According to CNN, Evelyn told reporters last month that if she had known she was pregnant, she would have “awaited the baby with pride and joy.” 

Evelyn’s case has not only drawn a lot of media attention because of the nature of it but has also drawn major spotlight to El Salvador’s abortion laws which are known to be some of the strictest in the world. 

The country imposed a total ban on abortions since 1998, according to ThinkProgress. It’s one of the 16 countries in the world with these strict regulations—other countries including Egypt, Honduras, Haiti, Nicaragua, among others. In El Salvador, women who are even suspected of having an abortion could be prosecuted for a crime. 

For example, if a woman even seeks abortion treatment and is reported to the authorities, she could face being prosecuted for that crime. Pregnancy terminations of any kind are simply illegal in El Salvador, including when the pregnancy poses a risk to the mother or like Evelyn’s case, even if the woman was raped. 

After the verdict of her acquittal was announced on Monday, Evelyn can be seen smiling jubilantly with tears in her eyes in images circulating on social media. “Thank God, justice was served,” the young woman told reporters after her ruling.  

“I thank all of you who have supported me and thank everyone from around the world who has shown support,” Evelyn said, according to CNN. “It was tough to be locked up, especially when I was innocent. There are others who are still locked up and I hope they are freed soon.”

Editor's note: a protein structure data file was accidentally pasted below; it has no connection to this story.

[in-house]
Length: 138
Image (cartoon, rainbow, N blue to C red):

Dozens of women in El Salvador have been prosecuted for murder after suffering miscarriages and stillbirth’s and given sentences between 30 and 40 years. 

After this pivotal moment for women’s rights of El Salvador and other countries with similar abortion laws, we hope more individuals will make the choice to support other cases and women like this one. 

Some People Claim This Sandy Hook PSA Has Gone “Too Far” In Illustrating the Impact of School Shootings

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Some People Claim This Sandy Hook PSA Has Gone “Too Far” In Illustrating the Impact of School Shootings

We’ve come to the point in American history where deaths due to gun violence have become what many would call a crisis. According to data collected by the Center for Disease Control and Prevention, in 2017, guns were responsible for more deaths than car accidents were. So it comes to no surprise when certain activists take it upon themselves to bring attention to what many label an epidemic. On Wednesday, the Sandy Hook Promise Foundation, a non-profit organization founded with the goal of “protecting children from gun violence with programs that work”, did just that. The NPO released a short video, titled “Back-To-School-Essentials” that made waves through the internet.